The facts of this case are remarkably similar to those of Edwards v. Arizona. On December 12, 1977, petitioner was arrested by Virginia authorities and charged with robbery, premeditated murder in the commission of armed robbery, and use of a firearm in the commission of murder. At his arraignment the next day, petitioner asked the court to appoint counsel. An attorney was appointed. That afternoon, however, before petitioner had an opportunity to confer with his lawyer, a local police detective visited him in jail. This detective later testified that he neither knew nor cared whether petitioner had requested an attorney. The detective informed petitioner of his Miranda rights and obtained peti- [454 U.S. 920 , 922] tioner's signature on a waiver form. He then initiated an interrogation session. During the course of this interrogation, petitioner confessed. Before his trial, petitioner moved to suppress the confession, arguing that he had not knowingly and intelligently waived his right to counsel. The trial court ruled the confession admissible and the Virginia Supreme Court affirmed. Petitioner was subsequently convicted. 1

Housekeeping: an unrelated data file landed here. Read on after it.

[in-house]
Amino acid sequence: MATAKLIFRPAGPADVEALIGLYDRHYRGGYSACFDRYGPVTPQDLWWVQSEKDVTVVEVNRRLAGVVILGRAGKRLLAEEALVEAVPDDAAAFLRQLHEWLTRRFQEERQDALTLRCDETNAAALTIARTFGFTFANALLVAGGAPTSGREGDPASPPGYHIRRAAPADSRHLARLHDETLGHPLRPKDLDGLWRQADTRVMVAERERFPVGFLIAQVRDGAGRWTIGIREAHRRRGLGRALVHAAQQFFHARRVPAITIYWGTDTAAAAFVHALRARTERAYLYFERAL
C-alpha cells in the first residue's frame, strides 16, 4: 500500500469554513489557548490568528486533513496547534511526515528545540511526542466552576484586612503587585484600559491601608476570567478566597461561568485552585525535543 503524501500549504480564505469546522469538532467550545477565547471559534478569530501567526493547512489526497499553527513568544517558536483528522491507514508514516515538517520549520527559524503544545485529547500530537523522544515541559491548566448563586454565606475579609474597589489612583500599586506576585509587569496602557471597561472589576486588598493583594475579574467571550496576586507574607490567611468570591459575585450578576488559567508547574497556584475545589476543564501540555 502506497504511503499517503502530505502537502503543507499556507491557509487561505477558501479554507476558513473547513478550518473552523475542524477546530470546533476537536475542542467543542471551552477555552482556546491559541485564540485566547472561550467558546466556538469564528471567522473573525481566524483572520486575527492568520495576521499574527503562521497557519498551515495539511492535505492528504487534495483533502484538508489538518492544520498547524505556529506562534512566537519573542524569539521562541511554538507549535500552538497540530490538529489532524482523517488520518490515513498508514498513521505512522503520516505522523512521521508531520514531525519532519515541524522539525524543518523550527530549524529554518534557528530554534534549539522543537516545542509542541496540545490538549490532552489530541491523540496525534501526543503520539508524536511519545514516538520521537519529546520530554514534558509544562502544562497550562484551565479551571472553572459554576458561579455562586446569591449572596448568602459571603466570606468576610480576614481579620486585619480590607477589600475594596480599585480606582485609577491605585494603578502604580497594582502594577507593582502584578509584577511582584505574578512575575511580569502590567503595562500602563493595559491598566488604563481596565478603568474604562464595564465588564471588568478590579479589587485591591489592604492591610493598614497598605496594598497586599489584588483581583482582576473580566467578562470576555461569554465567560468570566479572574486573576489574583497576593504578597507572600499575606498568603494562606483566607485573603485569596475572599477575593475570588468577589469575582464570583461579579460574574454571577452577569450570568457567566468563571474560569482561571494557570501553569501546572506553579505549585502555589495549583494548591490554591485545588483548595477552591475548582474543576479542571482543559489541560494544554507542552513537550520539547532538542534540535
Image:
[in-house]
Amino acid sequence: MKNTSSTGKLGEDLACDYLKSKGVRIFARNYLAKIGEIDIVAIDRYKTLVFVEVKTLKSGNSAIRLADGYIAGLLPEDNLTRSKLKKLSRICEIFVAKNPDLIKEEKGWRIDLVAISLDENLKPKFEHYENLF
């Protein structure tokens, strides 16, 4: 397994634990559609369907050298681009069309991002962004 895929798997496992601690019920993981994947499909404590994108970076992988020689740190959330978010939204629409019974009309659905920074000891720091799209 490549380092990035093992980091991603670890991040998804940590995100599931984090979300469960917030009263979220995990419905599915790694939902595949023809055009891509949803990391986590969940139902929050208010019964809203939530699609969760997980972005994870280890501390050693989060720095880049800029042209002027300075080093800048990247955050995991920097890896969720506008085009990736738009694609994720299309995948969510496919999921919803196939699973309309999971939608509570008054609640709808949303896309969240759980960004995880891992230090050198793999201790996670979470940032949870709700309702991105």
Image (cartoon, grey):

Under the circumstances, I think it clear that Edwards bars the use of petitioner's confession. Having exercised his right to consult with an attorney, petitioner should not have been subjected to interrogation by the authorities until counsel had been made available. The State attempts to distinguish Edwards on two grounds. First, it points out that Edwards clearly expressed his desire to deal with police only through counsel, whereas petitioner here simply asked that an attorney be appointed. However, an accused is under no obligation to state precisely why he wants a lawyer. If we were to distinguish cases based on the wording of an accused's request, the value of the right to counsel would be substantially diminished. As we stated in Fare v. Michael C., 442 U.S. 707, 719 , 2569 (1979), "an accused's request for an attorney is per se an invocation of his Fifth Amendment rights, requiring that all interrogation cease."